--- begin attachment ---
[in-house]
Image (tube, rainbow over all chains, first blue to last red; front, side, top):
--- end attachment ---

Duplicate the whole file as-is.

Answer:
[in-house]
Image (tube, rainbow over all chains, first blue to last red; front, side, top):